Britain Is Trying To Get Away From Using Animal Fat In Its Currency

Animal rights activists protested last year after the bank started using animal fat in one of its bills. Now it's looking for alternatives.
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Britain Is Trying To Get Away From Using Animal Fat In Its Currency

The Bank of England can't seem to win.

Late last year, animal rights activists protested because the British 5-pound note is made with tallow, a form of animal fat.

A petition spearheaded by vegans and vegetarians quickly garnered about 135,000 signatures to remove the substance from the bank bills — and it looks like it worked.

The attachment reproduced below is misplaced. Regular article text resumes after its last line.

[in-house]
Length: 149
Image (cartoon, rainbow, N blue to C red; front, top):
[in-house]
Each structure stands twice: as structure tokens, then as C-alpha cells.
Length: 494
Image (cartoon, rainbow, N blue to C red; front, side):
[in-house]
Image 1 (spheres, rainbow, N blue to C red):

The bank is considering replacing the animal fat with palm oil. Sounds better, right?

Maybe not — palm oil comes from oil palm trees. It's also one of the most popular oils on the market.

But in order to keep up with increasing demand for palm oil across the globe, farmers in southeast Asia are clearing out diverse tropical rainforests to make room for more oil palms.

In other words, collecting palm oil can cause deforestation and harm to wildlife when it's not done sustainably.

The Bank of England hasn't made a decision yet — but it is attempting to gauge public opinion before it makes and issues new bills.